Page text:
James, who has entered his prized Dahlia flowers at past fairs, said the addition of the cannabis category has exceeded expectations with the 18 entries.

 

 

 

 

 

 

 

 

Dirk Meissner, The Canadian Press

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Education

School board defends book pictured on principal’s desk after online uproar

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A Toronto-area Catholic school board says an online firestorm that erupted after a book on how to teach black students was photographed on a principal’s desk stems from a misunderstanding over the book’s contents.

The Dufferin-Peel Catholic District School Board says the book, titled “The Guide for White Women Who Teach Black Boys,” has a provocative title but is actually a helpful resource on tackling racial and cultural oppression in education.

Michelle Coutinho, the board’s principal of equity and inclusive education, says such materials are a particularly useful reference given how diverse the student population is in the district and at that specific school.

The controversy emerged this week after a Brampton, Ont., high school, Cardinal Ambrozic Catholic Secondary School, posted a photo of its new principal on Twitter.

The photo, which shows the book on her desk, set off heated debate, with some suggesting it was a sign of racism or incompetence, or a prop meant to bolster the school’s image.

The image was also shared on instagram by 6ixBuzzTV, a popular account with roughly 1.2 million followers.

“LOOOOL. No principal should make it this far while subsequently needing a book like this,” one person wrote on Twitter. “She a bad principal,” wrote another.

Some defended the book, however, and the principal’s efforts to educate herself. “She’s making an effort to connect with her students, it’s more than most principals do,” another tweet read.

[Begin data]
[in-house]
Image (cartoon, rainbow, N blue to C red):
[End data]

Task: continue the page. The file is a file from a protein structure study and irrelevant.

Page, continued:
The board said it was surprised by the uproar and hoped people would look up the book before jumping to conclusions based on its title.

The principal intends to address the photo in a public announcement and invite any students with lingering questions to see her, said Bruce Campbell, the board’s spokesman.

The book, written by three researchers and published in 2017, aims to improve outcomes for black students by helping teachers create learning environments in which they feel nurtured and engaged. The title references the fact that white women make up the bulk of the teaching force in the U.S.

Coutinho said the book asks educators to challenge the biases they may bring into the classroom.

“We know that we’re steeped in a colonized kind of world view and how do we break out of that in our everyday practices?” she said, noting it has been used in the board’s anti-oppression training in the past.

Cardinal Ambrozic’s new principal was involved in a book study at several schools that delved deeply into the text last year, Coutinho said.

“If we’re going to make any changes to the education system, we have to start talking about these things and talking about them openly and honestly without shame or blame.”

 

 

 

 

 

Paola Loriggio, The Canadian Press

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january, 2020

mon06jan(jan 6)8:00 amfri31(jan 31)12:00 amJanuary is Alzheimer's Awareness Month8:00 am - 12:00 am (31) Event Organized By: K. Jobs

sun12jan(jan 12)2:00 pmsun22mar(mar 22)5:00 pmAnne Frank: A History for Today opening at Red Deer MAG2:00 pm - (march 22) 5:00 pm mst Red Deer Museum & Art Gallery Address: 4525 - 47A Avenue, Red Deer

thu23jan(jan 23)6:00 pmsat25(jan 25)11:00 pmRed Deer Justice Film Festival6:00 pm - 11:00 pm (25) welikoklad event centre, 4922 49 St, Red Deer, AB T4N 1V3

fri24jan1:30 pm3:00 pmMonthly Mindfulness Drop-InMonthly Mindfulness Drop-In1:30 pm - 3:00 pm

mon27jan11:15 am1:15 pmLuncheon With Arlene Dickinson11:15 am - 1:15 pm Cambridge Hotel and Conference Centre, 3310 50 Avenue